City Matters: The City should be proud to support aspiration regardless of background

 
Roger Gifford
AFTER a long summer, this week students across London are heading off to work and university for the start of a new academic year. Many of these talented young people will have gained invaluable insight by spending part of their break preparing for the world of work through summer placements across a range of industries, including the City.

This work experience also presents considerable benefits for financial and professional services firms by giving them access to new ideas from future leaders. Access to talent is a critical factor for business of all sizes, but particularly so for large, internationally-mobile City firms.

The Square Mile’s “human capital” comprises over 200 ethnic communities, over 300 languages, and business people and businesses from across the world. But it is crucial that we also help to cultivate diverse talent on our own doorstep in order to prove that the City is both a local and international asset.

Young people are the lifeblood of any sector, so it is vital that City firms make an important investment in the future of their own businesses, as well as wider society.

That is why the City Business Traineeship (CBT) Awards, taking place at DLA Piper tomorrow, should be celebrated. This event will recognise the work of 108 young people from state schools in neighbouring boroughs who have successfully gained internships, supported by 23 Square Mile firms this year.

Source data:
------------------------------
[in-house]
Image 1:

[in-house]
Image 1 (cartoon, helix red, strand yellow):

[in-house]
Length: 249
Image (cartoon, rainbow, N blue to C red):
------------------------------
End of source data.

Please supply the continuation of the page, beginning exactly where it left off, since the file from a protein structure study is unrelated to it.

These paid work placements provide practical, “hands-on” experience that will play a vital role in informing life-changing career decisions. They also help students to develop the workplace skills and networking contacts needed to thrive in a highly-competitive industry.

In addition to other employability projects, the City of London Corporation has been working in partnership with The Brokerage Citylink to deliver the CBT scheme since 2000. In this time, almost 1,000 young people have been able to benefit from internships with more than 100 of the Square Mile’s most prestigious businesses and institutions.

Supporting aspiration and creating opportunity regardless of background is good for the City – and good for talented and committed young people. This is the City in society.

Of course, many companies already do a huge amount in this area by supporting young people through apprenticeships, internships, work experience and career workshops. But there is always more that can be done to open the eyes of students to the wide range of City career paths available.

There has been some controversy around City internships, following the recent sad death of Moritz Erhardt. Of course, lessons should be learned if the investigation uncovers anything untoward. But this should not detract from the fact the vast majority of students undertaking placements in these sectors acquire priceless experience that benefits them through the rest of their career. Hopefully some of these talented young people will be working in the City in the years to come.

Roger Gifford is lord mayor of the City of London.